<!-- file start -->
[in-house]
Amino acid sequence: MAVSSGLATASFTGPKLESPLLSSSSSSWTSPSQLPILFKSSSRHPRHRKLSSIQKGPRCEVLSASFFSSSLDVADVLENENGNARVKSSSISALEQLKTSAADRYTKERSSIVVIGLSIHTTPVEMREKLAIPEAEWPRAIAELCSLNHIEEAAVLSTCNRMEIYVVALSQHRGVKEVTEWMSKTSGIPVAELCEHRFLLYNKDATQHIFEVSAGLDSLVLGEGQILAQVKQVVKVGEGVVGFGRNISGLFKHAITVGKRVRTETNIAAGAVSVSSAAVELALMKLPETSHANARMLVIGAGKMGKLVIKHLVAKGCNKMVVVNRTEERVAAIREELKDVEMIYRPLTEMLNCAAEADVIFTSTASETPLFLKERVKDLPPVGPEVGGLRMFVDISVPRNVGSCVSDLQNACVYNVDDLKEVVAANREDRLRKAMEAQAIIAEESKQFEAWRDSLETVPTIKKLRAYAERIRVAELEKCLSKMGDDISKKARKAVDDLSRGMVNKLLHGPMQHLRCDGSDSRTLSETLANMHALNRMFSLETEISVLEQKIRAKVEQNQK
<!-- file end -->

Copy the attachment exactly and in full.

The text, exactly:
[in-house]
Amino acid sequence: MAVSSGLATASFTGPKLESPLLSSSSSSWTSPSQLPILFKSSSRHPRHRKLSSIQKGPRCEVLSASFFSSSLDVADVLENENGNARVKSSSISALEQLKTSAADRYTKERSSIVVIGLSIHTTPVEMREKLAIPEAEWPRAIAELCSLNHIEEAAVLSTCNRMEIYVVALSQHRGVKEVTEWMSKTSGIPVAELCEHRFLLYNKDATQHIFEVSAGLDSLVLGEGQILAQVKQVVKVGEGVVGFGRNISGLFKHAITVGKRVRTETNIAAGAVSVSSAAVELALMKLPETSHANARMLVIGAGKMGKLVIKHLVAKGCNKMVVVNRTEERVAAIREELKDVEMIYRPLTEMLNCAAEADVIFTSTASETPLFLKERVKDLPPVGPEVGGLRMFVDISVPRNVGSCVSDLQNACVYNVDDLKEVVAANREDRLRKAMEAQAIIAEESKQFEAWRDSLETVPTIKKLRAYAERIRVAELEKCLSKMGDDISKKARKAVDDLSRGMVNKLLHGPMQHLRCDGSDSRTLSETLANMHALNRMFSLETEISVLEQKIRAKVEQNQK